Kid: Tubby tubby, 2 x 4, grease your hips to get through the door

She told me that story many times.

Her father never paid her for fishing so she started working when she was 14 at the local Trading Union. She also worked at a pizza place making desserts and espresso.

Sadness was a regular part of her youth. She talked about it a lot. She also talked about how her grandfather and mother protected her from her dad. They were bright spots in a dark world.

Christine graduated when she was 17 and moved to Washington to attend beauty school. When she got here she found out that the world was a much bigger place and that people liked her and her sense of humor. She started going to clubs and got into the rave scene. She lost a lot of weight.

She met a guy in the navy, a pretty terrible person who treated her like crap. Because of her feelings about herself she didn’t think she could do better and stuck with this guy for a lot longer than she should. He was the only person she ever dated besides me.

School didn’t last long, one quarter. Christine found jobs to keep her apartment, eventually landing a sales job at Tiny Computers. She was told by her manager that her job was to stand at the front of the store and look pretty to draw people in and then he’d sell the computer and give her credit.

That manager eventually left and she learned to sell on her own. She was promoted to Lead Sales, similar to an Assistant Manager role. The new job was at the showroom where I worked. We both applied and she got it.

I hated her instantly. I was also incredibly attracted to her.

After a few days of bullying from me Christine pulled me outside and asked me what my problem was. This little 19 year old woman got in my face. I apologized and we became friends. And then more than friends.

She later told me she couldn’t believe how long it took me to ask her out. She would do things like lean over me so that her breasts would push against my arm, laugh at my jokes when they weren’t funny and get into things she knew I had interest in.

I wanted to ask her out very badly. I had talked to a friend shortly after meeting her,

Me: She bleeds sexuality

I was scared. She was super intimidating.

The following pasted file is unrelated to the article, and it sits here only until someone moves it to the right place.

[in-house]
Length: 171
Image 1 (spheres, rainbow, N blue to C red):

I finally asked her to come over and cut my hair. She agreed. I asked for frosted tips. It was 2000. Don’t judge.

We kissed that night. She slept next to me on my twin mattress, both awkwardly fully clothed.

And we never looked back.

I’m pretty sure Christine got pregnant the first time we had sex. I asked her to marry me a couple months after that.

I used a $2 ring I bought at a stand in the mall.

She said yes.

These things never work. She was 19. I was 21. It was doomed. But we did it.

I was upset with her for getting pregnant. I was not nice.

She planned a trip home after K was born.

Christine: How long should I stay?

Me: I don’t care

And then something happened. We fell in love.

No that’s not right. She loved me. I fell madly deeply in love with her. It was a holiday weekend. Labor Day? I don’t know for sure.

We had such loud sex the cops were called. That’s pretty personal but it’s a great story.

It was HOT. The windows were open. When we were done-

Cops: Renton PD. We need you to keep it down. We’ve had several noise complaints.

How long had they been standing there listening? We laughed uncontrollably.

K was born.

Two weeks later we were married at the Issaquah courthouse in front of my parents and her mom.

She took that trip back to Alaska. I missed her so much. Every minute.

I’m making this about me again.

She tried to be a good mom. I was out of work and staying home with K. She worked everyday and brought in all of the money.

I got a job. We found a place to rent. She worked delivering papers in the middle of the night so K didn’t need daycare.

Her grandfather’s health was failing. She wanted to be around him. I wanted an adventure. We decided to move to Alaska.

We struggled at first. The child support for B was crippling. Christine worked hard. First at a bank, then at the assisted living facility. I did better. We bought a house ‘out the road’. The property touched the ocean. It was ours.

I started traveling for work. Her depression got worse. Then she started taking medication. The medication made her not care about anything. I’d get home and find out K hadn’t been to school while I was gone.